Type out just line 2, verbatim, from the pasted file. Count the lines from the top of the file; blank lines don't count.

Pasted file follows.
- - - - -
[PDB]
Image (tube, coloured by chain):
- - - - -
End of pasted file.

Image (tube, coloured by chain):